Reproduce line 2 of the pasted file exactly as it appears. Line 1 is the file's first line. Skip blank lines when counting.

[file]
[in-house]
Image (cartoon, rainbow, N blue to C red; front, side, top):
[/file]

Image (cartoon, rainbow, N blue to C red; front, side, top):